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"Alli" is the classical Latin name for garlic and onion plants.
See also white Allium.

Allium acuminatum (Taper-tip Onion)
Amaryllidaceae.  Synonyms: Liliaceae, Alliaceae. (Amaryllis Family)

Foothills. Woodlands, openings. Spring.
Prater Ridge Trail, Mesa Verde National Park, June 5, 2005.

Allium acuminatum is common in the Pinyon-Juniper forests of Mesa Verde and similar environments in the Four Corners.  Its bright magenta flowers are very conspicuous at the end of thin, leafless stalks, especially when the plant grows, as it often does, in masses of thousands. 

The long, narrow basal leaves typical of Onions can be seen dried in the lower part of the picture at left.  Many wild animals eat the bulbs and the onion-flavored leaves of this and other Alliums.

"Acuminate" is Latin for "pointed" and refers to the tapering point of each petal.

Click to see extensive patches of Allium acuminatum 

Allium acuminatum
Allium acuminatum (Taper-tip Onion)
Amaryllidaceae.  Synonyms: Liliaceae, Alliaceae. (Amaryllis Family)

Foothills. Woodlands, openings. Spring, summer.
Prater Ridge Trail, Mesa Verde National Park, June 5, 2005.

Allium cernuum  (Nodding Onion) 
Amaryllidaceae.  Synonyms: Liliaceae, Alliaceae. (Amaryllis Family)

Montane, subalpine. Meadows. Summer.
Lone Mesa State Park, August 15, 2008.

This Onion grows throughout the Rocky Mountain West.  It is easily distinguished from other species by its nodding flowers (see next photo), and this characteristic gives rise to its specific epithet, "cernuum", which means "nodding".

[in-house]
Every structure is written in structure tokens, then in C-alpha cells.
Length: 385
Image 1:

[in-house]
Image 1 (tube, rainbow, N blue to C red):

Roth named this species in 1798 from a specimen collected by an unknown botanist.

Allium cernuum  (Nodding Onion) 
Amaryllidaceae.  Synonyms: Liliaceae, Alliaceae. (Amaryllis Family)

Montane, subalpine. Meadows. Summer.
Lone Mesa State Park, August 4, 2008.

Notice the nod at the top of the peduncle (the main flower stem) as well as the slightly less pronounced nod of each pedicel (the individual flower stem).

Allium geyeri
Allium geyeri  (Geyer's Onion) 
Amaryllidaceae.  Synonyms: Liliaceae, Alliaceae. (Amaryllis Family)

Montane, subalpine, alpine. Meadows. Summer.
Upper Calico Trail, June 26, 2015.

This very common onion occurs from the high foothills to timberline in moist (or just previously moist) meadows. Allium geyeri most often occurs in small patches but in moist meadows it is common to find hundreds of plants.

Charles A. Geyer came to the U.S. in 1834 and botanized extensively from Missouri to Vancouver until his return to Europe in 1844. (More biographical information about Geyer.)

Click for more photographs of Allium geyeri.

Range map © John Kartesz,
Floristic Synthesis of North America

State Color Key

Species present in state and native
Species present in state and exotic
Species not present in state

County Color Key

Species present and not rare
Species present and rare
Species extirpated (historic)
Species extinct
Species noxious
Species exotic and present
Native species, but adventive in state
Eradicated
Questionable presence

Range map for Allium acuminatum  

Range map for Allium cernuum

Range map for Allium geyeri